The group ended up shelving some other ideas, like upping their goal for the percentage of Brewer students who come from lower-income families to 65% rather than 50%. But some families in Brewer’s neighborhood pushed back during community engagement sessions, fearing their kids wouldn’t get in.
“Enrollment issues are very, very charged, and hit families who might lose a spot very, very personally,” Ahsan said.
That led the Panthers for Diversity and Inclusion to carve out seats for families from the neighborhood in the pilot. Students who live in the school’s attendance area, attended an Oakland public school in fifth grade, and apply on time will be guaranteed a seat.
Brewer enrolls around 800 students each year, and anticipates making about 300 sixth grade offers to next year’s incoming class. About 200 of those seats are offered to neighborhood families or students with siblings who already attend Brewer, and 100 offers go to other Oakland residents or people outside of Oakland through a lottery system. Last year, about a third of the neighborhood offers went to low-income families. If the pilot is put in place, a majority of the additional lottery seats will go to low-income students to ensure that the 50% target is met.
If the pilot is implemented, the most impacted families will be middle and upper-class students who don’t live in Brewer’s neighborhood, who could have previously gained admission through the general Oakland resident lottery.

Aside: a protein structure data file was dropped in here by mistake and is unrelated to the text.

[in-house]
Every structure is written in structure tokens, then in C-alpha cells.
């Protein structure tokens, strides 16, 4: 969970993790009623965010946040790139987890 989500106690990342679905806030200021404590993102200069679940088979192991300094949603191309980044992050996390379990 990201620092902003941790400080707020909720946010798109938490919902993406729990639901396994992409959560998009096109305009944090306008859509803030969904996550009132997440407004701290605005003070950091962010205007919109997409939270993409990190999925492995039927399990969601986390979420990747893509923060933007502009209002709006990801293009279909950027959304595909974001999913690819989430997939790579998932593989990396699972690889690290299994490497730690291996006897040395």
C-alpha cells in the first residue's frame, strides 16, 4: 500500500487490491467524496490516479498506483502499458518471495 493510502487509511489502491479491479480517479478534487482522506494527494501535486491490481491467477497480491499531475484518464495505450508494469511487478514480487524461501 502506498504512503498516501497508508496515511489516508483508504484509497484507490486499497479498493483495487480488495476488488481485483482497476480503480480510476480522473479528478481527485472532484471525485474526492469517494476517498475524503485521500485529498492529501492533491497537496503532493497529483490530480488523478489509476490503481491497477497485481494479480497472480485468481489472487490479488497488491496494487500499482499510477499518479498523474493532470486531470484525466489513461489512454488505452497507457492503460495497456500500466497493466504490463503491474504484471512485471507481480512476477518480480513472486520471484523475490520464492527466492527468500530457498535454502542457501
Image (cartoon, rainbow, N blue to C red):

Monica Kaldani-Nasif is a Brewer parent who also serves on the school’s PTSA board. When the Panthers for Diversity and Inclusion working group came to the board with their initial proposal, which would add a preference for diversity above neighborhood, Kaldani-Nasif said she was nervous about how quickly the group wanted to implement the new strategy.
“I wanted it to succeed, and I didn’t want there to be a backlash,” she said.
Kaldani-Nasif created a second proposal as an alternative. Her plan proposed adding a preference for students in certain categories, like low-income, English learners, and foster students, and placed it below the neighborhood preference but before the general lottery. Soon after Kaldani-Nasif’s counter-proposal began circulating, Panthers for Diversity and Inclusion revised its proposal to add a guarantee for neighborhood families.
“My goal was to show that we’re all working toward the same thing. I’m sure there’s going to be people that will come and still not be happy with the proposal,” Kaldani-Nasif said. “I thought we did a really nice job of finding common ground.”
OUSD’s board of education is also considering major changes to its citywide enrollment process. The school board convened an enrollment committee earlier this year to examine the district’s enrollment trends and determine whether OUSD should consider altering them to ensure equity and access to higher-quality schools.
The district’s official enrollment committee, which includes parents, teachers, and principals, presented recommendations to the school board last week that included developing marketing strategies for schools, establishing enrollment pilots at a few schools to prioritize low-income students (this recommendation includes the Brewer experiment), and providing more support for families that don’t speak English to help them navigate the enrollment process.